The ESR meter and a study of the PDF's put the lie to the mis-assembly notion fast. The more-elegant parts, in some cases, had thrown the specs by threefold. The one compensation, 680 ohms instead of 1k, was completely backwards, according to National specs and the ESR meter (measuring both capacitor and resistor simultaneously).

With an ESR meter and some imagination, I was able to make corrections and employ the high quality 47uf NFB cap by changing the resistor to carbon (lower the speed of the cap to warm up the audio sound) and 1.1k (increase the ESR to correspond to manufacturer's specified support components).
This had decreased the gain, so I changed the NFB 22k to 56k to put the gain back up without altering the "sound" of the cap.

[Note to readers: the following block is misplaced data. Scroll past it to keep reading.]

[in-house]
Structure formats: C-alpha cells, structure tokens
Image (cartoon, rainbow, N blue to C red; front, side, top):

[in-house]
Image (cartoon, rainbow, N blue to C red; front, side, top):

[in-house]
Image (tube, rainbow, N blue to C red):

That irritated the amplifier because its input load and NFB should match (when a volume pot is in use). So, I changed that (input loader) 22k to 56k as well.
Now there was too much gain and a curiously cramped bandwidth, so I increased the in-series resistance in the input to restore factory recommended proportions.
Oh wow.
These higher figures had partially lobotomized the Spike so that he quit yelling at me. I could get double the output without interference from the unwelcome power limiter circuit.

The clues were the support components of LM1875 and my new ESR meter to decode the audiable effects of capacitor's inbuilt resistance.

This nature of resistors can be measured when hooked in-series to a capacitor and measuring its speed. A metal resistor will preserve the high-speed and maintain the inherent brightness of a given cap's sound.